Other things to ask about are; does the horse go through water? Does he stand tied nicely? Does he clip, bath, etc? Is he jumpy or spooky? How is he around vehicles, highways & especially dogs? Are his feet tender & does he need to be shod/has he ever been?
Ask when the horse was last ferriered, dewormed, had his shots, etc.
And above all.. DONT SETTLE FOR THE FIRST ONE YOU GO TO LOOK AT! Finding the right horse can take awhile & you may go through several horses before you find the right one ;)

"If a horse fails to do something that is because he was not trained to do it. If a horse fails to do something properly that is because he was not trained properly."
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post #5 of 8 Old 01-15-2011, 01:59 PM
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Make sure you go to see the horse more then once. My current horse I saw twice. The first time was just to see if I was interested. The next time I got to ride him in a lesson, and that really helped to see how he was with other horses and crowds.
Spend time with the horse, see if your personalities mesh. See how the horse is when grooming and tying. I agree with others on how easy the horse is to catch.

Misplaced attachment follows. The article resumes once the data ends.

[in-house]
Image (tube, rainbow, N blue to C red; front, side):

If you ask a question and the owner doesn't really answer it (skips it, or changes subject) or answeres vaguely the BACK AWAY! For example, if you say "how well does the horse load?" and the owner says "okay I guess. tries some things but is okay." or just says "eh." then that could be an issue. Ask what he/she means by "tries some things".
Ideally you would be there for the horse to go into the trailer and see how the horse loads. Sometimes the horse "loads great!" but they only load great with 20 people trying to get the horse in.

Any special shoeing? Medical issues? If the horse has had x-rays done before ask why and if there is any way you can see them/ get a copy of them.

I was very fortunate with my horse, because the owner told us upfront about ALL of his issues. She gave us his x-rays, told us about everything he needs. She was a very honest seller because she wanted her horse in the right hands.
Most of all, good luck and remember horses should be FUN!